Why the Stanford Rape Case is so illuminating

Sexual Assault and College Campuses they seem to go together like cookies and crème. They shouldn’t. But unfortunately it seems that more and more this has become an alarming trend.

When I read about Erica Kinsman’s trial with Jameis Winston and Florida State I felt sick, when I watched the Hunting Ground I felt sick, and when I read “Emily Doe’s” letter to Brody Turner about her own sexual assault trial I felt sick. But what I never felt once was surprised. And that is what sickens me most.

And I don’t feel surprised because as a girl I have been trained and conditioned by society to accept sexual assault against women as a norm. More than that I have been conditioned to expect women to be found at fault. I’ve experienced the outer realities of this myself. It shocks me more when a man is found guilty of sexual assault than it does when he is found innocent. And thats wrong. And it enrages me.

But its just another aspect of being a woman. You wake up, you get ready, you go about your day, but you are ALWAYS conscious about your safety in a way men don’t have to be. And you learn this simply by going through life as a female.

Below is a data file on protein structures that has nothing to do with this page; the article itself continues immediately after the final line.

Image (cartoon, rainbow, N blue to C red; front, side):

When I lived abroad not a single day passed walking home from school that I was catcalled or leered at. Or there was the time I learned to keep my headphones on while on the subway because once a man on the subway gave me an “compliment.” Alone and feeling awkward I mumbled a “thank-you”- because society has taught me that women should always be polite. Well my politeness only encouraged this man to continue to harass me with his group of friends to the point where he tried to kiss me. Not a single person on the train looked up from their papers. I walked home terrified that night.
Or how about when here at home I instinctively put my keys between my fingers when I walk to my car at night because I have been conditioned to know that it wouldn’t be uncommon for a girl walking by herself to be attacked.

Thats the reality for women live in today. And I hope it makes you sick.

The case currently flooding peoples news feeds is an important and telling one. It involves 20-year-old former Stanford University swimmer Brock Turner, who was sentenced Thursday to six months in county jail and three years’ probation for three counts of sexual assault.

On January 18, 2015, two Stanford graduate students biking across campus spotted Turner thrusting himself on an unconscious, half-naked woman behind a dumpster at a party. This woman has been named Emily Doe as she has chosen to keep her identity private.

Emily Doe’s letter is important because it is a slap in the face to woman. It is a reminder of just how marginalized we still are and just how sexist the institutions we are supposed to trust can still be.

Brody Turner was found guilty by a jury.

Unanimously. 100% guilty of sexual assault and rape.

There were witnesses. IT happened.

Yet the judge only gave him six months of served time (which will in reality end up being three). SIX MONTHS. Because the judge “feared anything longer would have a severe impact on Turner.”

And that my friends is why when people say there isn’t a need for feminism or that gender inequality doesn’t exist, I want to slap them in the face.

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